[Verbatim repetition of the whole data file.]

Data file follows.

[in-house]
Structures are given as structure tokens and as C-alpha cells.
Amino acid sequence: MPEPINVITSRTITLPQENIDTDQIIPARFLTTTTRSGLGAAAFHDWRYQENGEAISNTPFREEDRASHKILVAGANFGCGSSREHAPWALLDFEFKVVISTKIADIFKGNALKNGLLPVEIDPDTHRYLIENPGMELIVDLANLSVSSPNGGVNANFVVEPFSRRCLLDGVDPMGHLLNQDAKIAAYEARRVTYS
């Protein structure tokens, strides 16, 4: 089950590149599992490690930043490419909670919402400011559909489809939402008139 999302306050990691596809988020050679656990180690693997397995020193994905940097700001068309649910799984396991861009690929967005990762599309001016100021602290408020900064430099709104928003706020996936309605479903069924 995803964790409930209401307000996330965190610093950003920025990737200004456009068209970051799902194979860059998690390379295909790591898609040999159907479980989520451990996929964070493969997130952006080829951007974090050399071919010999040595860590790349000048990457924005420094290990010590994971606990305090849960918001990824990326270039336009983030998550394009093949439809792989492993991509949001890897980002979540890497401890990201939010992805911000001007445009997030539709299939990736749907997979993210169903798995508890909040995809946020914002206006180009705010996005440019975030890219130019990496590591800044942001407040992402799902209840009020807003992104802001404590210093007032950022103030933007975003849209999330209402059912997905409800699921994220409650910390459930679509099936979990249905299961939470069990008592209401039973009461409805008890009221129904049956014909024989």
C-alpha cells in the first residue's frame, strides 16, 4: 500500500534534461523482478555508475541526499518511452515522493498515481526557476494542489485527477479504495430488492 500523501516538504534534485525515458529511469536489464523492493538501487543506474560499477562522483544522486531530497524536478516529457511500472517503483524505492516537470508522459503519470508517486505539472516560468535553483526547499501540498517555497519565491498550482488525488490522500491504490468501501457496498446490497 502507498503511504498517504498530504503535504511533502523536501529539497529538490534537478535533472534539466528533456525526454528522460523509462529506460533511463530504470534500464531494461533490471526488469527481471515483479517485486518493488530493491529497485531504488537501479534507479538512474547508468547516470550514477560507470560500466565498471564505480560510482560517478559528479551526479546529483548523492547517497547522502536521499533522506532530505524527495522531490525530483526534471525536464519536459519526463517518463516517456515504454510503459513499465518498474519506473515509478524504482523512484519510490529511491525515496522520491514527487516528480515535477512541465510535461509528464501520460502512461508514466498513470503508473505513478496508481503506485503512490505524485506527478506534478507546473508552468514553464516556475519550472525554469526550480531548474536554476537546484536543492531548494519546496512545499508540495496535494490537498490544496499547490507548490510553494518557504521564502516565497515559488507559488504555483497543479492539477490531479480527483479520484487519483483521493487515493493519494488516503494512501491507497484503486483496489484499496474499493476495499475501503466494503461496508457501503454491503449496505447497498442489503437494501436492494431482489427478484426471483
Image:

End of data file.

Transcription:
[in-house]
Structures are given as structure tokens and as C-alpha cells.
Amino acid sequence: MPEPINVITSRTITLPQENIDTDQIIPARFLTTTTRSGLGAAAFHDWRYQENGEAISNTPFREEDRASHKILVAGANFGCGSSREHAPWALLDFEFKVVISTKIADIFKGNALKNGLLPVEIDPDTHRYLIENPGMELIVDLANLSVSSPNGGVNANFVVEPFSRRCLLDGVDPMGHLLNQDAKIAAYEARRVTYS
């Protein structure tokens, strides 16, 4: 089950590149599992490690930043490419909670919402400011559909489809939402008139 999302306050990691596809988020050679656990180690693997397995020193994905940097700001068309649910799984396991861009690929967005990762599309001016100021602290408020900064430099709104928003706020996936309605479903069924 995803964790409930209401307000996330965190610093950003920025990737200004456009068209970051799902194979860059998690390379295909790591898609040999159907479980989520451990996929964070493969997130952006080829951007974090050399071919010999040595860590790349000048990457924005420094290990010590994971606990305090849960918001990824990326270039336009983030998550394009093949439809792989492993991509949001890897980002979540890497401890990201939010992805911000001007445009997030539709299939990736749907997979993210169903798995508890909040995809946020914002206006180009705010996005440019975030890219130019990496590591800044942001407040992402799902209840009020807003992104802001404590210093007032950022103030933007975003849209999330209402059912997905409800699921994220409650910390459930679509099936979990249905299961939470069990008592209401039973009461409805008890009221129904049956014909024989």
C-alpha cells in the first residue's frame, strides 16, 4: 500500500534534461523482478555508475541526499518511452515522493498515481526557476494542489485527477479504495430488492 500523501516538504534534485525515458529511469536489464523492493538501487543506474560499477562522483544522486531530497524536478516529457511500472517503483524505492516537470508522459503519470508517486505539472516560468535553483526547499501540498517555497519565491498550482488525488490522500491504490468501501457496498446490497 502507498503511504498517504498530504503535504511533502523536501529539497529538490534537478535533472534539466528533456525526454528522460523509462529506460533511463530504470534500464531494461533490471526488469527481471515483479517485486518493488530493491529497485531504488537501479534507479538512474547508468547516470550514477560507470560500466565498471564505480560510482560517478559528479551526479546529483548523492547517497547522502536521499533522506532530505524527495522531490525530483526534471525536464519536459519526463517518463516517456515504454510503459513499465518498474519506473515509478524504482523512484519510490529511491525515496522520491514527487516528480515535477512541465510535461509528464501520460502512461508514466498513470503508473505513478496508481503506485503512490505524485506527478506534478507546473508552468514553464516556475519550472525554469526550480531548474536554476537546484536543492531548494519546496512545499508540495496535494490537498490544496499547490507548490510553494518557504521564502516565497515559488507559488504555483497543479492539477490531479480527483479520484487519483483521493487515493493519494488516503494512501491507497484503486483496489484499496474499493476495499475501503466494503461496508457501503454491503449496505447497498442489503437494501436492494431482489427478484426471483
Image: